But how will the AI Habana Labs' data center chips fit with existing product lines?
Intel has acquired Israeli AI chip startup Habana Labs for approximately $2 billion.
Habana Labs, whose products are AI training and inference chips for data centers, was one of the first to deliver working AI accelerator silicon and its Goya inference chip performed impressively in the recent round of MLPerf benchmarks. The company is based in Tel Aviv and employs around 150 people in several offices worldwide.
“This acquisition advances our AI strategy, which is to provide customers with solutions to fit every performance need — from the intelligent edge to the data center,” said Navin Shenoy, executive vice president and general manager of the Data Platforms Group at Intel, in a statement. “More specifically, Habana turbo-charges our AI offerings for the data center with a high-performance training processor family and a standards-based programming environment to address evolving AI workloads.”
Habana Labs will remain an independent business unit reporting to Intel’s Data Platforms Group, and will keep its current management team. Habana chairman Avigdor Willenz has agreed to serve as a senior adviser to the business unit as well as to Intel.
Habana vs Nervana
Questions remain about what this acquisition means for Nervana’s product line, which competes directly with Habana’s offering.
Nervana was acquired by Intel back in 2016 for a sum believed to be around $400 million. It launched its own data center training and inference processors, the NNP-T and NNP-I last month.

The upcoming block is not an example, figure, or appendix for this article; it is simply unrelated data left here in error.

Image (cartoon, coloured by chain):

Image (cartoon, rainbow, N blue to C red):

While two competing chip acquisitions may seem like a strange strategy, there is an awful lot at stake; Intel expects to generate over $3.5 billion in AI-driven revenue in 2019 (up 20% year over year). It therefore cannot afford to back the wrong horse. Backing two horses, or even combining the best horse with the best jockey (likely Habana’s chip with Nervana’s software in this scenario) may be a better bet.
Gaudi and Goya
Habana’s Goya inference chip launched in September 2018 and is commercially available today. It can process 15,000 ResNet-50 images/second with 1.3-ms latency at a batch size of 10 while running at 100 W (more than 5x the number of images than competing platforms).
Habana unveiled its Gaudi training chip in June 2019, which is currently sampling with hyperscale customers. Gaudi can process 1,650 images per second at a batch size of 64 when training a ResNet-50 network. This throughput is delivered at 140 W power consumption.
Both chips have eight VLIW SIMD (very long instruction word, single instruction multiple data) vector processor cores, which Habana calls tensor processor cores (TPC), that are specially designed for AI workloads.
One of the key aspects of Gaudi’s architecture is its on-chip RoCE (Remote direct memory access over Converged Ethernet) network. The chip offers 10 ports of 100 Gigabit Ethernet directly on the processor silicon, a feature Habana said at the time was unique in the world of AI accelerators (competing solutions need extra chips for connectivity; Nvidia previously acquired Mellanox for exactly this technology).
On-chip RoCE makes for easy scalability; huge training systems with dozens of chips can be built using standards-based non-proprietary interfaces. This capability is no doubt attractive to Intel’s data centre customers. Habana’s technology combined with Intel’s access to the hyperscalers, backed by the computing giant’s extensive resources, will likely prove to be a very successful combination.